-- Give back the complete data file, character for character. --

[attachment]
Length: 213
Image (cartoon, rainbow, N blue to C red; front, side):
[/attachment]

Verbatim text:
Length: 213
Image (cartoon, rainbow, N blue to C red; front, side):